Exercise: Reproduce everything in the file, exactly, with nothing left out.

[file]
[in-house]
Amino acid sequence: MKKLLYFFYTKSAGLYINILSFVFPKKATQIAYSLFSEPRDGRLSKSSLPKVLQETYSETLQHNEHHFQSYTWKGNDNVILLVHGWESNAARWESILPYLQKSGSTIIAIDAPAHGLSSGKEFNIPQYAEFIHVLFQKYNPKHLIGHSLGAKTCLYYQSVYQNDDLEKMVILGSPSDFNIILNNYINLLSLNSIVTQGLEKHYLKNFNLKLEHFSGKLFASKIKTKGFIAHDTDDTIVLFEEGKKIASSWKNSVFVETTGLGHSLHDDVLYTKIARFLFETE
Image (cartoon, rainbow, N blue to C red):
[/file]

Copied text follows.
[in-house]
Amino acid sequence: MKKLLYFFYTKSAGLYINILSFVFPKKATQIAYSLFSEPRDGRLSKSSLPKVLQETYSETLQHNEHHFQSYTWKGNDNVILLVHGWESNAARWESILPYLQKSGSTIIAIDAPAHGLSSGKEFNIPQYAEFIHVLFQKYNPKHLIGHSLGAKTCLYYQSVYQNDDLEKMVILGSPSDFNIILNNYINLLSLNSIVTQGLEKHYLKNFNLKLEHFSGKLFASKIKTKGFIAHDTDDTIVLFEEGKKIASSWKNSVFVETTGLGHSLHDDVLYTKIARFLFETE
Image (cartoon, rainbow, N blue to C red):